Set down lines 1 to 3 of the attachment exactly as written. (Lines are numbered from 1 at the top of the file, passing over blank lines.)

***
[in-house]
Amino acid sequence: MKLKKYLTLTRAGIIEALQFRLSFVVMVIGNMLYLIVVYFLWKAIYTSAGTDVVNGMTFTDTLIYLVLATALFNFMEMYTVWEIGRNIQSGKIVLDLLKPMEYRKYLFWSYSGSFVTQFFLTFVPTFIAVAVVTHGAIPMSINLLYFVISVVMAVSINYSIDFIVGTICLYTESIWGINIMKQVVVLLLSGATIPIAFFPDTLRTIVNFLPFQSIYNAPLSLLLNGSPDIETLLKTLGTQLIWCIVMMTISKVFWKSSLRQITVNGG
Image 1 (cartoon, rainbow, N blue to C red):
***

[in-house]
Amino acid sequence: MKLKKYLTLTRAGIIEALQFRLSFVVMVIGNMLYLIVVYFLWKAIYTSAGTDVVNGMTFTDTLIYLVLATALFNFMEMYTVWEIGRNIQSGKIVLDLLKPMEYRKYLFWSYSGSFVTQFFLTFVPTFIAVAVVTHGAIPMSINLLYFVISVVMAVSINYSIDFIVGTICLYTESIWGINIMKQVVVLLLSGATIPIAFFPDTLRTIVNFLPFQSIYNAPLSLLLNGSPDIETLLKTLGTQLIWCIVMMTISKVFWKSSLRQITVNGG
Image 1 (cartoon, rainbow, N blue to C red):